Utilize este identificador para referenciar este registo: http://hdl.handle.net/10400.18/2635
Título: Antioxidant capacity, phenolic content and total flavonoids of orange juice
Autor: Raposo, C.A.
Albuquerque, T.G.
Oom, M.
Sanches-Silva, A.
Costa, H.S.
Palavras-chave: Composição dos Alimentos
Nutrição Aplicada
Natural Antioxidants
Data: Set-2014
Editora: Instituto Nacional de Saúde Doutor Ricardo Jorge, IP
Resumo: Nowadays, the search for healthier dietary food choices has increased the demand for fresh and nutritive products. Several epidemiological studies indicate that fruits, vegetables and less processed food ensure a higher protection against diseases caused by oxidative stress. Citrus juices attract attention as a result of their health-related properties, due to the presence of natural antioxidants. Orange juice, in particular, is one of the most consumed juices worldwide and it is an important source of flavonoids and phenolic compounds. As a result of the development of new technologies and the improvement of traditional industrial processing, there is a wide range of new commercial juices promoted by strong marketing strategies. In fact, it is important to evaluate whether these processed products maintain similar properties to a freshly squeezed juice. The main objective of the present work was to evaluate the antioxidant activity of six samples of orange juice: one nectar, three concentrated juices, and two freshly squeezed juices (filtrated and non-filtrated). The oranges and orange juices were acquired in local supermarkets, and the antioxidant activity was determined comparing three different methods: 2,2-diphenyl-1-picrylhydrazyl (DPPH●), Folin-Ciocalteu method (applied to determine total phenolics, using gallic acid as standard) and total flavonoids assay (using epicatechin as standard). All the analyses were performed at least in duplicate. For DDPH● assay, the EC50 value (inversely proportional to antioxidant activity) was higher for the nectar (13.8 ± 0.33 mg/mL), followed by freshly squeezed juices (12.6 ± 0.59 and 12.3 ± 0.22 mg/mL, filtrated and non-filtrated, respectively) and concentrated juice (9.01 ± 0.03 mg/mL). The highest value for total phenolics was found in concentrated juices (0.208 ± 0.04 mg/mL), whereas the lowest corresponds to the orange nectar (0.134 ± 0.00 mg/mL). With respect to total flavonoids content, the values varied between 0.099 ± 0.00 and 0.158 ± 0.01 mg/mL, for nectar and concentrated juices, respectively. Our results indicated that orange juice can be considered a good source of natural antioxidants, including flavonoids and phenolic compounds. The methods for antioxidant activity evaluation showed that orange nectar had the lowest antioxidant capacity, whereas the concentrated juices presented the highest. There is no evidence that filtration of the freshly squeezed juice produced considerable variations. Although the industrial processing of orange juice may cause losses of vitamin C, it is a common practice of food industry to add L-ascorbic acid at the end of the processing. In fact, commercial concentrated juices revealed higher values of antioxidant activity, flavonoids and phenolic compounds, than the freshly squeezed juices.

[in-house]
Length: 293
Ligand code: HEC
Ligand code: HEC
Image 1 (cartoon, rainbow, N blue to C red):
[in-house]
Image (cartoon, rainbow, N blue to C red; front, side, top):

Peer review: yes
URI: http://hdl.handle.net/10400.18/2635
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